|Dougie Hamilton has taken his game to new heights in his third OHL season. (Dave Arnold Photography)|
Confidence is a word you’ll hear defenseman Dougie Hamilton use quite a bit these days.
The ninth overall selection in the 2011 NHL Entry Draft by the Boston Bruins was returned to his OHL club, the Niagara Ice Dogs, in late September after a solid first pro training camp. In the first month-plus of the 2011-12 season, Hamilton has gone on a tear, scoring eight goals and 25 points in his first 17 games, earning OHL Defenseman of the Month honors in the process.
“I’m obviously pretty happy with how it’s gone,” Hamilton told New England Hockey Journal over the weekend, after his club completed a third game in three nights. “A lot of it I would say has to do with my coming back from (Bruins) training camp with extra confidence after playing with the NHL guys and realizing that I’m close to being able to play at that level.”
Hamilton added that while the personal performance has been encouraging, the real focus is on raising the overall level of his team’s play. The Ice Dogs currently sit fourth out of five teams in the OHL Eastern Conference’s Central Division with an 8-8-0-2 record.
“We had nine guys, I think, all at NHL camps,” Hamilton said. “They all went through the same things and came back with the extra step in their game and confidence from being in those situations. Some guys were there a short time, while others stayed a little longer, but that made it a little harder to get things going as a team.
“We’ve had some injuries, and haven’t had a full team on the ice very much. So, we’re working to get back to the level that we expect of ourselves and we can hopefully move forward from here.”
At nearly 6-foot-5 and 193 pounds, Boston’s top prospect is still growing and could tip the scales at about 220-225 when he reaches his peak. This season, he’s using his size and skill to play a strong two-way game and benefiting from extended ice time on Niagara’s special teams units.
“Our power play did pretty well in the first month,” said Hamilton. “In the OHL and CHL, you tend to see more ‘PP’ and (penalty kill) chances, so if you’re one of the guys who gets an opportunity to play in those situations, you’re going to benefit.”
Hamilton was originally a second-round OHL draft pick by the hometown Ice Dogs in 2009. Born in Toronto, his family moved to St. Catharines when older brother Freddie began playing for Niagara in 2008. While still playing minor midget with the local Falcons club, Hamilton hung around with the Ice Dogs and was positively influenced by defensemen like Alex Pietrangelo, one of the team’s stars at the time. The current St. Louis Blues standout would be traded to Barrie in Hamilton’s rookie OHL campaign, but he inspired the youngster to set the bar high.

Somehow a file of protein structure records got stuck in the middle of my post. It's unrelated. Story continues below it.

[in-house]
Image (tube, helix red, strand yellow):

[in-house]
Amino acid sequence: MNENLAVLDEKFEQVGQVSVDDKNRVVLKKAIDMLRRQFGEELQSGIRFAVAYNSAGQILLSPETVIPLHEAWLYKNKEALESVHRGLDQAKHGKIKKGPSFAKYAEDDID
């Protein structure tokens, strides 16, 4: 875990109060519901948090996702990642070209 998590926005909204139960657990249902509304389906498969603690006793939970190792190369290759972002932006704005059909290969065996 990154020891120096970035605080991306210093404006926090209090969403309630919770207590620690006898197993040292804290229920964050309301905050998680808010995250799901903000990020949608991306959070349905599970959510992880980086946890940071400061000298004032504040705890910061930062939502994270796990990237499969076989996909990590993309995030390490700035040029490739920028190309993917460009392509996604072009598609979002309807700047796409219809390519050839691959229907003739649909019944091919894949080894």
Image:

In his second year in the OHL, Hamilton’s development exploded. He registered a defenseman club-record 58 points, knocking his mentor Pietrangelo out of the Niagara books.
His performance earned him top billing for the Bruins, who made Hamilton the second defender off the board last June in Minneapolis. A little over a week later, he was in Boston, attending his first pro development camp and getting an introduction to the organization and some of his future teammates.
“It was a great experience,” Hamilton said. “It was good to meet everyone. They tried to make it comfortable for you when you went to your first training camp with Boston and the development camp certainly did that for me.”
Hamilton’s summer wasn’t just limited to his on- and off-ice team building activities with his fellow Bruins prospects, either. He went to Calgary for Team Canada’s summer development camp for the World Junior Championship and put on quite a show, impressing those in attendance with his tools and solid two-way play.
“It gave me a lot of confidence,” he said of the time spent with his fellow Team Canada hopefuls. “I played a lot of high-caliber hockey over the summer and I think it all set me up well for main camp in Boston.”
Given Hamilton’s pro potential, skill level and the productive start to his season, it seems almost a given that he will be back with Team Canada in December. That final evaluation camp will decide which players will compete for the 2012 World Under-20 championship on home soil in Calgary and Edmonton. He and brother Freddie (a San Jose prospect) are both in contention for spots, and it would mark the first time since 1982 (Randy and Mike Moller) that siblings played together for Canada in the WJC.
“Our dream growing up was to make that team and to do it together would be even better,” said Hamilton, who enjoys a close relationship with his older brother of 18 months. “We’re working together to make that happen, but it’s something you can’t spend too much time thinking about right now.”
In addition to having the chance at playing for Canada’s WJC entry, Hamilton was also named to the 2011 OHL Subway Series team along with Boston hopeful Ryan Spooner, which will face a squad of Russian All-Stars (to include another B’s prospect, Alexander Khokhlachev) later this month.
If Hamilton can continue his high level of play all year, while adding a WJC appearance to his resume, it is not outside the realm of possibility that he could be in line for a spot in Boston next year coming out of camp. Much of that will have to do with how the B’s blue line depth chart looks in terms of talent and contract status, but if he can add weight to his lanky frame, management could decide to keep him up with the big club.
“Camp in Boston was a great experience,” he said. “I learned a lot and had a real good time getting to know everyone and seeing what is expected in the Bruins organization.”
Hamilton’s confidence level appears to be just scratching the surface, and if he reaches his impressive ceiling, Bruins fans will be thrilled with his towering two-way presence in Boston.
Kirk Luedeke can be reached at email@example.com.